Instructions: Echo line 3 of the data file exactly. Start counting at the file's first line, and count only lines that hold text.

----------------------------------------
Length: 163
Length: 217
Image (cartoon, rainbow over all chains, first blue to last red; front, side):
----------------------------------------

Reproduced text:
Image (cartoon, rainbow over all chains, first blue to last red; front, side):